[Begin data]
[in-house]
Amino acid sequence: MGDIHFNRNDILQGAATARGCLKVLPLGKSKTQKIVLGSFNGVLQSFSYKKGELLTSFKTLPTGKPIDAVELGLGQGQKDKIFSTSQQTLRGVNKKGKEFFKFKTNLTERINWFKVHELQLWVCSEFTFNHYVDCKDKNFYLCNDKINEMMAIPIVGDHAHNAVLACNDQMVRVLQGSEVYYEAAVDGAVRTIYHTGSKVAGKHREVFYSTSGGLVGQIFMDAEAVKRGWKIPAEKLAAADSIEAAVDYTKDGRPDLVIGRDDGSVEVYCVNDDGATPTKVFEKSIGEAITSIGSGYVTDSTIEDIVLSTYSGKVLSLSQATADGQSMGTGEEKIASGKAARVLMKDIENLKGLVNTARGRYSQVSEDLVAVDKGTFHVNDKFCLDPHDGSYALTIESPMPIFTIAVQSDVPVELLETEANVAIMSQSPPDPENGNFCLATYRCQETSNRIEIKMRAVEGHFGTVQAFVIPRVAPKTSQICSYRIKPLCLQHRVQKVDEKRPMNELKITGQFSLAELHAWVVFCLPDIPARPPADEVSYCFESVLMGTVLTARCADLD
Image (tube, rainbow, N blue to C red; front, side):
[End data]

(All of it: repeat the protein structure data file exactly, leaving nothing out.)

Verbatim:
[in-house]
Amino acid sequence: MGDIHFNRNDILQGAATARGCLKVLPLGKSKTQKIVLGSFNGVLQSFSYKKGELLTSFKTLPTGKPIDAVELGLGQGQKDKIFSTSQQTLRGVNKKGKEFFKFKTNLTERINWFKVHELQLWVCSEFTFNHYVDCKDKNFYLCNDKINEMMAIPIVGDHAHNAVLACNDQMVRVLQGSEVYYEAAVDGAVRTIYHTGSKVAGKHREVFYSTSGGLVGQIFMDAEAVKRGWKIPAEKLAAADSIEAAVDYTKDGRPDLVIGRDDGSVEVYCVNDDGATPTKVFEKSIGEAITSIGSGYVTDSTIEDIVLSTYSGKVLSLSQATADGQSMGTGEEKIASGKAARVLMKDIENLKGLVNTARGRYSQVSEDLVAVDKGTFHVNDKFCLDPHDGSYALTIESPMPIFTIAVQSDVPVELLETEANVAIMSQSPPDPENGNFCLATYRCQETSNRIEIKMRAVEGHFGTVQAFVIPRVAPKTSQICSYRIKPLCLQHRVQKVDEKRPMNELKITGQFSLAELHAWVVFCLPDIPARPPADEVSYCFESVLMGTVLTARCADLD
Image (tube, rainbow, N blue to C red; front, side):